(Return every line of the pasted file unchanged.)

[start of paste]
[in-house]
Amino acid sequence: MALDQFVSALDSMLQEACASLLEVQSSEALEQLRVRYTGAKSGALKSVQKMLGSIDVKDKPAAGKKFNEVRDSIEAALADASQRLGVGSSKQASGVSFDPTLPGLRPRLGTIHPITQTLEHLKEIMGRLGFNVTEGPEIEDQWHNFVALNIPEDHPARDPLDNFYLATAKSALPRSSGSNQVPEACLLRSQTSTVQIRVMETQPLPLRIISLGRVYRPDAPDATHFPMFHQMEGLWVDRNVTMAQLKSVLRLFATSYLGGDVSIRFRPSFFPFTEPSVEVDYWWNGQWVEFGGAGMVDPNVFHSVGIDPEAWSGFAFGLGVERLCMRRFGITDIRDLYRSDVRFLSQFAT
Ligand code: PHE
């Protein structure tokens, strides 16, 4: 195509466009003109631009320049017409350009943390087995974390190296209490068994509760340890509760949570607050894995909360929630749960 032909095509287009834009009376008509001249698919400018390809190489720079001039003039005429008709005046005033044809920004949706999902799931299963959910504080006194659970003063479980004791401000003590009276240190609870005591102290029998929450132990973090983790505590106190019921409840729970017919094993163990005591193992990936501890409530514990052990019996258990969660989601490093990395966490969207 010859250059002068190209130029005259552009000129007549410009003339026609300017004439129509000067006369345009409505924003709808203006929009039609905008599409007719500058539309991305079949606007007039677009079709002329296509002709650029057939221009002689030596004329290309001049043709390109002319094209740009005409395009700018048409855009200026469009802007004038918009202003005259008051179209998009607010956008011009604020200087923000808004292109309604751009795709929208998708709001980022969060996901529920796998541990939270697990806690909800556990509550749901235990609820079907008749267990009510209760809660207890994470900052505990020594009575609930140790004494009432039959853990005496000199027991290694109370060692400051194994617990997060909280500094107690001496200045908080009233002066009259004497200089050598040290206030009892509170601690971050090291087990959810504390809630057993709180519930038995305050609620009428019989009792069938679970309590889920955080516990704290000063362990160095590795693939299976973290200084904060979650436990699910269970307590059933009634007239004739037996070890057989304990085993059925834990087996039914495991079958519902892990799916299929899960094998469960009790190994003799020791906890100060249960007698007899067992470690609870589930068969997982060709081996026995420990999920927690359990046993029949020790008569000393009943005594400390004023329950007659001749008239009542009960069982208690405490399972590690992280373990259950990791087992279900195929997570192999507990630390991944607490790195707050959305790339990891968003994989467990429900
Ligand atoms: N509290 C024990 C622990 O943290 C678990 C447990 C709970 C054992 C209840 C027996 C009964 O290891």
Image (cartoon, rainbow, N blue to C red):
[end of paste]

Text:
[in-house]
Amino acid sequence: MALDQFVSALDSMLQEACASLLEVQSSEALEQLRVRYTGAKSGALKSVQKMLGSIDVKDKPAAGKKFNEVRDSIEAALADASQRLGVGSSKQASGVSFDPTLPGLRPRLGTIHPITQTLEHLKEIMGRLGFNVTEGPEIEDQWHNFVALNIPEDHPARDPLDNFYLATAKSALPRSSGSNQVPEACLLRSQTSTVQIRVMETQPLPLRIISLGRVYRPDAPDATHFPMFHQMEGLWVDRNVTMAQLKSVLRLFATSYLGGDVSIRFRPSFFPFTEPSVEVDYWWNGQWVEFGGAGMVDPNVFHSVGIDPEAWSGFAFGLGVERLCMRRFGITDIRDLYRSDVRFLSQFAT
Ligand code: PHE
């Protein structure tokens, strides 16, 4: 195509466009003109631009320049017409350009943390087995974390190296209490068994509760340890509760949570607050894995909360929630749960 032909095509287009834009009376008509001249698919400018390809190489720079001039003039005429008709005046005033044809920004949706999902799931299963959910504080006194659970003063479980004791401000003590009276240190609870005591102290029998929450132990973090983790505590106190019921409840729970017919094993163990005591193992990936501890409530514990052990019996258990969660989601490093990395966490969207 010859250059002068190209130029005259552009000129007549410009003339026609300017004439129509000067006369345009409505924003709808203006929009039609905008599409007719500058539309991305079949606007007039677009079709002329296509002709650029057939221009002689030596004329290309001049043709390109002319094209740009005409395009700018048409855009200026469009802007004038918009202003005259008051179209998009607010956008011009604020200087923000808004292109309604751009795709929208998708709001980022969060996901529920796998541990939270697990806690909800556990509550749901235990609820079907008749267990009510209760809660207890994470900052505990020594009575609930140790004494009432039959853990005496000199027991290694109370060692400051194994617990997060909280500094107690001496200045908080009233002066009259004497200089050598040290206030009892509170601690971050090291087990959810504390809630057993709180519930038995305050609620009428019989009792069938679970309590889920955080516990704290000063362990160095590795693939299976973290200084904060979650436990699910269970307590059933009634007239004739037996070890057989304990085993059925834990087996039914495991079958519902892990799916299929899960094998469960009790190994003799020791906890100060249960007698007899067992470690609870589930068969997982060709081996026995420990999920927690359990046993029949020790008569000393009943005594400390004023329950007659001749008239009542009960069982208690405490399972590690992280373990259950990791087992279900195929997570192999507990630390991944607490790195707050959305790339990891968003994989467990429900
Ligand atoms: N509290 C024990 C622990 O943290 C678990 C447990 C709970 C054992 C209840 C027996 C009964 O290891």
Image (cartoon, rainbow, N blue to C red):